PENNSYLVANIA was explored by the Dutch in the early 1600s, settled by the Swedes forty years later, and claimed by the British in 1664. Charles II of England, who owed a debt to the Penn family, rid himself of the potentially troublesome young William Penn, an enthusiastic advocate of religious freedom, by granting him land in the colony in 1682. Penn Jr immediately established a “holy experiment” of “brotherly love” and tolerance, naming the state after his father and setting a good example by signing a peaceful cohabitation treaty with the Native Americans. Most of the early agricultural settlers were religious refugees, Quakers like Penn himself and Mennonites from Germany and Switzerland, to be joined by Irish Catholics during the potato famines of the nineteenth century.
“The Keystone State” was crucial in the development of the United States. Politicians and thinkers like Benjamin Franklin congregated in Philadelphia – home of both the Declaration of Independence and the Constitution – and were prominent in articulating the ideas behind the Revolution. Later, the battle in Gettysburg, in south Pennsylvania, marked a turning point in the Civil War. Pennsylvania was also vital industrially: Pittsburgh, in the west, was the world’s leading steel producer in the nineteenth century, and nearly all the nation’s anthracite coal is still mined here.
The two great urban centres of Philadelphia and Pittsburgh, both lively and vibrant tourist destinations, are at opposite ends of the state. The three hundred miles between them, though predominantly agricultural, are topographically diverse. There are over one hundred state parks, with green rolling countryside in the east and brooding forests in the west. Lancaster County, home to traditional Amish farmers, the Gettysburg battlefield and the Hershey chocolate factory, minutes away from state capital Harrisburg, draws visitors by the thousands. Finally, in the far northwest, Lake Erie provides the state’s only waterfront, centred upon the eponymous town.Read More
The original capital of the nation, PHILADELPHIA was laid out by William Penn Jr in 1682, on a grid system that was to provide the pattern for most American cities. Just a few blocks away from the noise and crowds of downtown, shady cobbled alleys stand lined with red-brick colonial houses, while the peace and quiet of huge Fairmount Park make it easy to forget you’re in a major metropolis. Settled by Quakers, Philadelphia prospered swiftly on the back of trade and commerce, becoming the second largest city in the British Empire by the 1750s. Economic power fuelled strong revolutionary feeling, and the city was the hub for most of the War of Independence and the US capital until 1800, while Washington DC was being built. The Declaration of Independence was written, signed, and first publicly read here in 1776, as was the US Constitution ten years later. Philadelphia was also a hotbed of new ideas in the arts and sciences, as epitomized by the scientist, philosopher, statesman, inventor and printer Benjamin Franklin.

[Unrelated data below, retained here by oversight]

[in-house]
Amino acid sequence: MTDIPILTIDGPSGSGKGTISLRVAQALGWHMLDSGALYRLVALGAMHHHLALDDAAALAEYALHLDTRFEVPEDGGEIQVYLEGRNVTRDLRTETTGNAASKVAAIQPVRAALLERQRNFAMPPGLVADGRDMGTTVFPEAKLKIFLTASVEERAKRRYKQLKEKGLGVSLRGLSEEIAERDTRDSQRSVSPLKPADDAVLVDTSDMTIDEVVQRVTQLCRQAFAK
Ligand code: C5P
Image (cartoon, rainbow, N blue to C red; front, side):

Philadelphia, which means “City of Brotherly Love” in Greek, is in fact one of the most ethnically mixed US cities, with substantial communities of Italians, Irish, Eastern Europeans and Asians living side-by-side among the large African-American population. Many of the city’s black residents are descendants of the migrants who flocked here after the Civil War when Philadelphia was seen as a bastion of tolerance and liberalism. Philly also retains its Quaker heritage, with large “meetings” or congregations of The Society of Friends. Once known as “Filthydelphia”, the city underwent a remarkable resurgence preparing for the nation’s bicentennial celebrations in 1976. Philadelphia’s strength today is its great energy in the face of economic adversity – fuelled by history, strong cultural institutions and grounded in its many staunchly traditional neighbourhoods.
The Pennsylvania Dutch
The Pennsylvania Dutch
The people now known as the Pennsylvania Dutch originated as Anabaptists in sixteenth-century Switzerland, under the leadership of Menno Simons. His unorthodox advocacy of adult baptism and literal interpretation of the Bible led to the order’s persecution; they were invited by William Penn to settle in Lancaster County in the 1720s. Today the twenty or so orders of Pennsylvania Dutch include the “plain” Old Order Amish (a strict order that originally broke away from Simons in 1693) and freer-living Mennonites, as well as the “fancy” Lutheran groups (distinguished by the colourful circular “hex” signs on their barns). Living by an unwritten set of rules called Amish Ordnung, which includes absolute pacifism, the Amish are the strictest and best-known: the men with their wide-brimmed straw hats and beards (but no “military” moustaches), the women in bonnets, plain dresses (with no fripperies like buttons) and aprons. Shunning electricity and any exposure to the corrupting influence of the outside world, the Amish power their farms with generators, and travel (at roughly 10mph) in handmade horse-drawn buggies. For all their insularity, the Amish are very friendly and helpful; resist the temptation to photograph them, however, as the making of “graven images” offends their beliefs.